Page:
Frankel: Exactly. That's something that's changed since we stopped doing them, you know, prerecorded. [laughs]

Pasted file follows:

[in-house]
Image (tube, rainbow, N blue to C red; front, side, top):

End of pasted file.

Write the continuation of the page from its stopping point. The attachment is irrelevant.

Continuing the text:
Moser: [laughs] Yeah, sometimes what happens in the studio, stays in the studio, and now it's all out there for everyone to see. But, ah! We digress. Matt, last week was a very big week, earnings-palooza kicked off, and as tradition is with every quarter, the big banks were the ones that really got us rolling here. We wanted to go ahead and devote today's show to actually taking a look back at five of the earnings reports that really stood out to us. We've got JPMorgan, we've got Wells Fargo, we've got Goldman Sachs, we've got Morgan Stanley, we've got Bank of America. And let's go ahead and kick it off with JPMorgan. This is a bank, Matt, and there's a lot to like about this bank. I think maybe what we like the most about it -- I think what I like the most about it, at least, is leadership. I think Jamie Dimon is certainly one of a kind. And I don't know about you, and I want to get your take on this, I don't know about you, but when I was reading through the call there was so much language in there that just leads me to believe that Jamie Dimon is taking such a broad approach to this point in time, this environment that the banks are dealing with the pandemic and whatnot, he is taking such a broad approach, JPMorgan is seemingly prepared for any and all outcomes regardless the scenario. Which, I mean, I'm not a shareholder, but if I were, I'd certainly be very encouraged. But I want to kick it to you, in regard to JPMorgan's earnings release, what were one or two of the things that stood out to you that this bank is doing really well.